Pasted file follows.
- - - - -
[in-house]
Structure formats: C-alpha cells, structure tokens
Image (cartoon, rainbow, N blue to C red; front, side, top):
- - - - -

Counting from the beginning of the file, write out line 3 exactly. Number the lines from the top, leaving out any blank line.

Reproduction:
Image (cartoon, rainbow, N blue to C red; front, side, top):